The Coyote

I am overjoyed to finally formally introduce the Coyote! I wanted the first Yanasi YoYo prototype to be a study of extremes, and the Coyote definitely succeeds in that regard. But before we get down and dirty with the technical details, I want to dig into the goals of the design.


Design goals

My first goal was to design something unique, and something I'd love to play. Deciding to do an H-Shape narrowed down the overall profile, and from there I started to think about trick elements that I enjoy doing. I find myself doing a lot of grinds of both the finger and thumb variety, so I set out to work on design features that would facilitate those elements. After deciding to incorporate grinding features I got to working on putting everything together in the most comfortable and responsive shape I could.

Elements

In order to facilitate finger grinds, I wanted to create a point to minimize the amount of friction while still keeping it stable. I decided to move the steep curve of the H-Shape inward, and use that as a grinding surface. The average ring size of an adult man falls between 8 and 12 which corresponds to 18.1mm to 21.4mm in diameter. From there, I reduced the wall gap to account for grinding a little lower on your finger, and settled on a width of about 15mm. I rounded the edge enough to keep it from hitting too sharp, and moved on to the rest of the design.

With the walls being so inset I decided to compensate pretty heavily; I made the remaining catch area very steep and the rim very heavy. I then reduced the wall thickness in the cup as much as I safely could, and pushed the center out to keep the axle length at 8mm. Personally, I think the cup is the most visually pleasing part of most YoYos because you can really make small design elements pop. I created two flat surfaces in the cup on which I plan to have some designs laser etched in some of the production colorways. Then I rounded between those flat surfaces at an angle steep enough to keep your finger locked in for finger spins. It's not an iCEBERG, but I have manged to get some decently long finger spins and grinds on raw aluminum. I feel like that's a big success.

With the cup and general profile done, I moved on to the weight ring. I think if you're making a bi-metal you should try to take advantage of the second material for more than just weight. I decided to add a deeper curve near the rim, and to extend the rim in a taper towards the center of the YoYo. These angles would be difficult to machine in a single piece of metal, but doing it in two separate pieces allows for a deeper groove to be made. The taper also keeps the rim from scratching your thumbnail, and keeps the vast majority of the ring weight towards the outside of the body. Once the ring was nailed down, I put a comfort curve on the rim to soften how the YoYo feels in hand, then continued the facing curve into the rim as a nice little design feature.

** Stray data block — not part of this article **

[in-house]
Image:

The ring is thick, and the rim adds even more outside weight. I didn't want all of that weight to give it a sluggish bind, so I kept the response gap on the narrow side. With the response being narrow, I also made the wall a little taller than necessary to keep the string from catching on the silicone unless it is bound.


Technical Specs

American Made
Weight - 71.9g
Diameter - 53.5mm
Width - 43.3mm
Gap - 3.9mm

I've mentioned the Coyoteis heavy a few times, and that wasn't by accident. The Coyote weighs in at just shy of 72 grams. The body itself is about 20.4 grams of 7075 Aluminum, and the rings are about 14.4 grams of Brass. This weight comes in a small frame, at only 53.5 millimeters in diameter and 43.3 millimeters wide. The gap is just shy of 3.9 millimeters. The weight translates into a lot of stable power on the throw, but a truly surprising amount of nimbleness when it gets moving.

My current plan for hardware is to go with what I think are the best; the Buddha Ripple and Buddha White response pads. I've used Buddha bearings almost exclusively for the past year and a half and I'm always more happy with them than any "stock" bearing I've used. To top it off, JD is an awesome guy and I'm happy as hell to give him a little more business any chance I get.


What's Next

This is a prototype, so I went in asking "What can be made better?" The next step is to get my remaining unpressed halves anodized, and try out a couple different methods of fitting the rings. My unpressed halves are almost glass smooth, but the pressed halves have a little more vibe than I'd like. If the second batch has as much vibe when pressed then I'll be revisiting the rim design to see if there is anything minute to be done to reduce the likelihood of vibe.

The bearing posts are a little more loose than I normally like, but since the unpressed halves are almost vibe free I may keep them loose. Life is so much better when you don't have to rip a bearing out with pliers or a removal tool, and a looser bearing post should reduce the likelihood of galling. If the second batch comes back with the same vibe, then adjusting the bearing post is something I'll consider as well.

I need a week or two to evaluate the grinding wall, and I'll be looking for some feedback from some people in the community about the width of that gap. It fits my fingers, but I want to make sure it'll fit a range of other people as well, especially anyone with smaller fingers. One element of it that I like is the shape of the catch is amazing for doing fingertip grinds and maintaining some stability.

I've tried a couple pieces of Kitty String, Zipline, and Spoolthread so far, but I want to test out as many strings as I can get my hands on. The gap is more narrow than the average throw, and I don't want to lock people into one type of string for the best response. Following the same logic, I'm planning on testing out Buddha Black and R pads as well as flowable silicone.